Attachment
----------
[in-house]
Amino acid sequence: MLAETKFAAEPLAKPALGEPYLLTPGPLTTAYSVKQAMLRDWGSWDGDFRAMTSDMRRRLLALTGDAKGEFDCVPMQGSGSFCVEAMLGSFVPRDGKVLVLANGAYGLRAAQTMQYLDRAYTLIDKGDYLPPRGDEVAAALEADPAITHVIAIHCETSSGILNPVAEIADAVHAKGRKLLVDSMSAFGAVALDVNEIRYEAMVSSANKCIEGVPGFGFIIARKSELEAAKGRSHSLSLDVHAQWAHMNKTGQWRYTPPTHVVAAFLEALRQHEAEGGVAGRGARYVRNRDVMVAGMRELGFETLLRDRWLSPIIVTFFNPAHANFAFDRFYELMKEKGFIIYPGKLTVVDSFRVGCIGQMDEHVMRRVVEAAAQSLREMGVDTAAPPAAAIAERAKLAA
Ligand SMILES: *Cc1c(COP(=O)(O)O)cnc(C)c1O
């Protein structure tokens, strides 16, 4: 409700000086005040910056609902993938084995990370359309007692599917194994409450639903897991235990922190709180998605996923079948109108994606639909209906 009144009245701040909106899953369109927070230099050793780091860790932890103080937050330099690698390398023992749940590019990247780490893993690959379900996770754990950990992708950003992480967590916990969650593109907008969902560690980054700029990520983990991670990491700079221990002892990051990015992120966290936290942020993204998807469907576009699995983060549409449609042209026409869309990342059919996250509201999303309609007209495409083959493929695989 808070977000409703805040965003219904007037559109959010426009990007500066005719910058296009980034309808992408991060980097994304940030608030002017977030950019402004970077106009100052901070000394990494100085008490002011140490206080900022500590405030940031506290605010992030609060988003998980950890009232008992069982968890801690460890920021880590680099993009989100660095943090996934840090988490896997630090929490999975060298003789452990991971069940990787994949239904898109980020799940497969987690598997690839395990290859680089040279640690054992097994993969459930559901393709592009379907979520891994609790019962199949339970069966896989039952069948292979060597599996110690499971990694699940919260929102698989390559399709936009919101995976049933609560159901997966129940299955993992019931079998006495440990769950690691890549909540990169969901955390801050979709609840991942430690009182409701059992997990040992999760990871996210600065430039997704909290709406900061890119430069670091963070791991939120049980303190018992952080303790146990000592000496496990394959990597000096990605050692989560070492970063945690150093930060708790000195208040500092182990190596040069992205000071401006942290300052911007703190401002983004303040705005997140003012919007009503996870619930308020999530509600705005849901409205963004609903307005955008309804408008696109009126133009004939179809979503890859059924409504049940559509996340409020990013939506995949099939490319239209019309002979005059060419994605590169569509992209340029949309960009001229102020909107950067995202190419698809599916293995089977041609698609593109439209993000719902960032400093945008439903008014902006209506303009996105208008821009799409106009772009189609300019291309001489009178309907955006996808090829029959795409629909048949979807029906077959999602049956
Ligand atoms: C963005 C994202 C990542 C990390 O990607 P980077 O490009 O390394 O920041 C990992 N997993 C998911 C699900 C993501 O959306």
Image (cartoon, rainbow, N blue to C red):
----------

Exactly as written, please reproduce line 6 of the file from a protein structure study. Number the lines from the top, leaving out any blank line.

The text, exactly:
Image (cartoon, rainbow, N blue to C red):